FINANCIAL LITERACY generally denotes “one’s understanding and knowledge of financial concepts”; can also refer to “knowledge and skills related to money management and can include the ability to balance a checkbook, manage a credit card, prepare a budget, take out a loan, and buy insurance”. PLEASE become financially literate. KNOW WHAT YOU ARE DOING! College will make you have bad credit before you even know what credit even is. You will be put in debt before you even HAVE debt. Listen. You may not even be familiar with the financial sacrifices your parents or guardians make for you, but become aware and thank them. Education is the key and the key costs MILLIONS a pop. Education is expensive. Before when I mentioned all of the academic issues I had, it all stemmed from the fact that in order to go to school, bills had to be paid. And financial aid, sis? FINANCIAL AID? FAFSA? Frank Ocean will release another album before your financial aid clears. Your school will let you go broke before you get educated and NO ONE TALKS ABOUT THAT!


Freshman 15. 'Nuff said. Next!


I was battling an on again off again case of depression ever since, maybe, my junior year of high school. I’m working through it day by day, but I think that my freshman year of college made it all worse. My spirit weakened so much over the course of last semester. I wasn't the same Lucien, y'know? It didn't feel good. I wasn't who I wanted to be, I wasn't doing what I wanted to do, I didn't have any friends, I wasn't acting/singing/performing. I was going though so much and I was afraid to tell people. I always have a problem to broadcast and I didn't want to burden anyone, even if they reassured and encouraged me to do so. I couldn't. I kept questioning God. I kept thinking why things haven't been getting better. Why were things such a mess? Why wasn't college what I wanted it to be.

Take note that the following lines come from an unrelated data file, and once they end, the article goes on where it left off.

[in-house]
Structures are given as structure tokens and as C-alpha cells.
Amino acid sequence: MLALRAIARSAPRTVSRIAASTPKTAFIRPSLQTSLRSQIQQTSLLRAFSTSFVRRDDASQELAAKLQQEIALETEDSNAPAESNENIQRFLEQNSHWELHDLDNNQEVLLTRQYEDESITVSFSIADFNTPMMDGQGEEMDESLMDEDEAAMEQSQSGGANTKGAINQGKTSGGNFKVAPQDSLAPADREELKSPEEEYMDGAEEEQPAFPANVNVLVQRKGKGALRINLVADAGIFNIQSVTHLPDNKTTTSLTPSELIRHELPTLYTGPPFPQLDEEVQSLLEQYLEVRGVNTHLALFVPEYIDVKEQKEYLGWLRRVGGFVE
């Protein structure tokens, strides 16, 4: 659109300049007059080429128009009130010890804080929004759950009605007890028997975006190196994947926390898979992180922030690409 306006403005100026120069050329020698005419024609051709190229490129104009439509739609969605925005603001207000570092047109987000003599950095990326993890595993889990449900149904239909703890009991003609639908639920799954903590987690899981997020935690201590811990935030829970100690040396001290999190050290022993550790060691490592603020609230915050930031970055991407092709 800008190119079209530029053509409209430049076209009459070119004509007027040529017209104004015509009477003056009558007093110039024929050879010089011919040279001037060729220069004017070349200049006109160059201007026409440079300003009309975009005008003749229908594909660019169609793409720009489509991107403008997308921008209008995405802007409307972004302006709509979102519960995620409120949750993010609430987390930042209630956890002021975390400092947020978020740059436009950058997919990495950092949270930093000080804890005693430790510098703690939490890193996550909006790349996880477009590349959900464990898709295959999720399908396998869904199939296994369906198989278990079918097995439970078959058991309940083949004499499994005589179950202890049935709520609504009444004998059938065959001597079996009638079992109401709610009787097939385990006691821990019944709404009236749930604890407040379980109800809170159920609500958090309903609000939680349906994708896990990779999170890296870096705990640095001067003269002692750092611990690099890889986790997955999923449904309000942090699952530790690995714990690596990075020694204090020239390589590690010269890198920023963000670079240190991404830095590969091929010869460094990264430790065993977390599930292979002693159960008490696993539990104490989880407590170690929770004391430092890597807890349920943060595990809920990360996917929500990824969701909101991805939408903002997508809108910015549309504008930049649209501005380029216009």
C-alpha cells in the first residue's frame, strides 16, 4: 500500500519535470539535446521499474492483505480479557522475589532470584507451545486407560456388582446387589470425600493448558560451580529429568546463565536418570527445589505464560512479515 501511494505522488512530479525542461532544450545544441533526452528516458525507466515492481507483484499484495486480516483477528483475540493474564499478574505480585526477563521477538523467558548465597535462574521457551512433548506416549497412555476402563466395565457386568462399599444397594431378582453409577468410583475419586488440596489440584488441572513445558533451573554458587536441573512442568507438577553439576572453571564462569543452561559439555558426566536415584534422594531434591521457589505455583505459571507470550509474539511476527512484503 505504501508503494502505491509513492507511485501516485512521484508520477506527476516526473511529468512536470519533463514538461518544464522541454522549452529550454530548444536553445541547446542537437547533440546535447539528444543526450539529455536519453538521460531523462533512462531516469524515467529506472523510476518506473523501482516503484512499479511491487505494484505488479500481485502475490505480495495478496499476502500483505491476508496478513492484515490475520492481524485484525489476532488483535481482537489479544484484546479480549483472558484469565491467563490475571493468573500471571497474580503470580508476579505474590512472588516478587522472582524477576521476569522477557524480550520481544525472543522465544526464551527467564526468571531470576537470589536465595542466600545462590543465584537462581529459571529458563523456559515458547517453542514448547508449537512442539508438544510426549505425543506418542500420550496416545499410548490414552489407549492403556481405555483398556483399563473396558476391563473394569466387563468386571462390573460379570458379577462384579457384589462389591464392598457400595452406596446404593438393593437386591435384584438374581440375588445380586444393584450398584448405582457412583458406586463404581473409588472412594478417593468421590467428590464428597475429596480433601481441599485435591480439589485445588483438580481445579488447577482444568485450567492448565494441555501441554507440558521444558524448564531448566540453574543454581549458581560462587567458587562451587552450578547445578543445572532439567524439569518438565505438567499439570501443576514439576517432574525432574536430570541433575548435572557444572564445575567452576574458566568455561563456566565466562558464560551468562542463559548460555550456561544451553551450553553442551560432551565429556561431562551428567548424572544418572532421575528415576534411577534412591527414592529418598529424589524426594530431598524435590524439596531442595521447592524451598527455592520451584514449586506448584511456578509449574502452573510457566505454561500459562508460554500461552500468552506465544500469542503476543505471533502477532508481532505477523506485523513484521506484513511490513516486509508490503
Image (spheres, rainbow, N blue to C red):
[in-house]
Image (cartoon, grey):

But that was just freshman year, ladies & gentlemen (and those who have yet to choose).

The thing I want to get across is that these moments are not forever. These feelings and problems are not permanent. I am still struggling in all facets of college, but I am working to make the progress I need to make. For starters, to put myself out there more, I'm going more clubs & I joined the Theatre Conservatory at Kean. I already met so many wonderful actors and actresses. Academically, I already set goals for myself and put up a vision board listing all the things I want to accomplish this semester. I also reconnected with many people from Marist affiliated events and my old classmates from RC so I can talk to them whenever I'm feeling low. I still have to figure everything else out, but I know that it's all going to be okay. Above all, I got God. We're gonna do this together.

With that said: Ready for round two, college?

Sincerely Yours Sometimes,


PS: SONG OF THE WEEK: Ariana Grande - Breathin (Every time I post, I will include a song that may or may not correlate with the topic I write about. This is me thanking you for reading my posts by gifting you with good music.)

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"But I think something that everyone can agree with is the fact that I always get the sense that I am running out of time." - Lucien Edme